The Crane-fly Orchid (Tipularia discolor) is the only species of the genus Tipularia found in North America. The plant is easy to identify in the field because of its distinctive leaves and which are a dull to shiny green above (sometimes with raised purple spots) and purple below. The leaf emerges in autumn (September and October), over-winters, and disappears in the late spring to early summer. There are no leaves at the time the orchid blooms.
The flowering stem is 15 to 20 inches tall. Moths pollinate the plant. One patch of them is along the roadside at the Guion Farm parking lot.
Catesby’s Trillium (Trillium catesbaei) in common and is one of the last trilliums to bloom. Flowers can usually be seen from late March through June. The widely spaced leaves are rolled inwardly along the length of the leaf. This unusual leaf morphology allows the flowers to be more readily observed. It likes drier habitats with acid soil and often within rhododendron or mountain laurel thickets.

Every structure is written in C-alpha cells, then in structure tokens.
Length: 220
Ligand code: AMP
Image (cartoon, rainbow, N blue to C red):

Appalachian Cottontail Rabbit
The Appalachian cottontail (Sylvilagus obscurus) is a rather rare species of cottontail rabbit that is found mostly in upland areas of mountainous regions of the Appalachians. It is well adapted its habitat and has heightened senses of smell, hearing, and sight which allow it to notice predators and react quickly to threats.
Distinguishing it from the much more common Eastern cottontail is not easy in the field but the Appalachian cottontail often has a dark spot between the ears whereas the Eastern cottontail has white in that area.
Walk on the Wild Side is by Alan Cameron. Alan is a member of Friends of DuPont Forest and a 12 year volunteer with the Wildlife Resources Commission. He does 90%of his work in DuPont State Forest.
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